NEW BRUNSWICK, N.J. (CBSNewYork) — New Jersey has one of the nation’s lowest suicide rates, and a New Jersey hotline launched by Rutgers University in May aims to keep it that way.
Rutgers was the backdrop of one of the nation’s more high-profile suicides in 2010 when Tyler Clementi, a gay freshman, jumped off the George Washington Bridge after he learned that two students recorded him on a webcam kissing another man.
On World Suicide Prevention Day on Tuesday, Clementi’s older brother, James, told WCBS 880’s Monica Miller that it’s important for people who are feeling depressed to understand they must ask for help, whether it’s from someone they know or a counselor on a hotline.
On Suicide Prevention Day, Tyler Clementi's Brother Says 'There's Always A Reason' To Live
“People need to know their friends and their families and communities love them and value them, and there’s always a reason to keep going forward,” James Clementi said.
James Clementi said it took him a long time before he could imagine life without his brother.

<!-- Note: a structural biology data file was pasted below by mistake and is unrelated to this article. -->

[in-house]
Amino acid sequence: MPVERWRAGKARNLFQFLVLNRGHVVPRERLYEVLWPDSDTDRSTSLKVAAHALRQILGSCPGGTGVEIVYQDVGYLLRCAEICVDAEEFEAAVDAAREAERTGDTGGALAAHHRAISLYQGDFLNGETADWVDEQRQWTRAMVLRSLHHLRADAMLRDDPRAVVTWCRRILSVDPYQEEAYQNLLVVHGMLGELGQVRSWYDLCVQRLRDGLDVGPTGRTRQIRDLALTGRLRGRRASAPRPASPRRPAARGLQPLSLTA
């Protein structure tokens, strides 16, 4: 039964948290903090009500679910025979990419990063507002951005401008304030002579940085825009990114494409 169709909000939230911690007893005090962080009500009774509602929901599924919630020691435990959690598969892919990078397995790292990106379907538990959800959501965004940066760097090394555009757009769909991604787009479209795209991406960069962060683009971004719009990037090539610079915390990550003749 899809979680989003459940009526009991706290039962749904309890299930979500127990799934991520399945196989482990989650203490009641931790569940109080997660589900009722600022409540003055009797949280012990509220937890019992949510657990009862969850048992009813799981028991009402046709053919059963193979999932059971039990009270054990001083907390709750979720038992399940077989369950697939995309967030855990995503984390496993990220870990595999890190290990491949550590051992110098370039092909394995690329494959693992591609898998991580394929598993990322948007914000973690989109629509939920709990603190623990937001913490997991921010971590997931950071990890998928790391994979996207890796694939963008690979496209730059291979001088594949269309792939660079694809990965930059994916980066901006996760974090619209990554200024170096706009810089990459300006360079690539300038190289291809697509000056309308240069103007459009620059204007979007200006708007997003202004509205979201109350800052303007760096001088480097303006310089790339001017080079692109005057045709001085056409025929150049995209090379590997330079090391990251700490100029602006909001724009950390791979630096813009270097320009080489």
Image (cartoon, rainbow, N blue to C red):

“I would say six months to a year really after Tyler passed away, I was in a place where time just had a different sense and everything really stopped,” he said.
Rutgers said its “NJ HopeLine” has fielded about 5,000 calls since it launched in May. The hotline, whose services are not limited to Rutgers students, can be reached at 855-654-6735.
About one million people attempt suicide nationwide every year, and about 40,000 succeed. New Jersey has seen its suicide rate jump from 296 in 1999 to 438 in 2010, according to the Centers for Disease Control and Prevention.
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